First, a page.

A new ‘wild’ view of the Conic Nebula

Madrid, November 11 (European press) –

A stunning new image of a star factory, the Conical Nebula, taken with the Very Large Telescope (VLT), Celebrating 60 years of ESO (European Southern Observatory).

In the middle you see The seven-light-year column that forms this nebula, It is part of the star-forming region NGC 2264 and was discovered in the late 18th century by astronomer William Herschel. In the sky, this horn-shaped nebula is located in the constellation Monoceros (Rhinoceros), which is a surprisingly apt name.

Located less than 2,500 light-years away, this Conical Nebula is relatively close to Earth, making it a well-studied object. “But this view is more exciting than any previous one, showing the mysterious and impenetrable appearance of the nebula in a way Reminds us of a mythical or savage creature‘, as explained by ESO It is a statement.

The Conical Nebula is a great example of the pillar-like structures that develop in giant clouds of cold molecular gas and dust known to form new stars. This type of plume is created when stellar winds blow from newly formed bright blue stars. And the intense ultraviolet rays that expel materials from their vicinity.

As this material moves away, gas and dust is compressed away from young stars into long, dense, dark, pillar-like structures. This process helps create the Dark Cone Nebula. Pointing away from the bright stars of NGC 2264.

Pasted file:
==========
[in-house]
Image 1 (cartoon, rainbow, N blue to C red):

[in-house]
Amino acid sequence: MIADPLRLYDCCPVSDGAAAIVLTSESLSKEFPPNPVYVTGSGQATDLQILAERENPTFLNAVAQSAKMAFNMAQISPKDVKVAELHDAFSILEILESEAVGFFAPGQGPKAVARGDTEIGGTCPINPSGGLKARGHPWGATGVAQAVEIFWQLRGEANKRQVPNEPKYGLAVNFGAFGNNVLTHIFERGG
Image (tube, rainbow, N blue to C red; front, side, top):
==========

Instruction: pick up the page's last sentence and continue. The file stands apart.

In this image, acquired with a FOcal Reducer and Spectrograph 2 (FOcal Reducer and Low Dispersion Spectrograph 2) installed on ESO’s VLT in Chile, hydrogen gas is shown in blue and sulfur gas in red. Using these filters makes bright blue stars, which indicate recent star formation, look almost golden, Standing against the dark cone like torches.

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On October 5, 1962, five countries signed an agreement to establish ESO. Now, six decades later and with the support of 16 member countries and a strategic partner, ESO brings together scientific and engineering personnel from around the world to develop and operate advanced ground-based observatories in Chile for ground-breaking astronomical discoveries.

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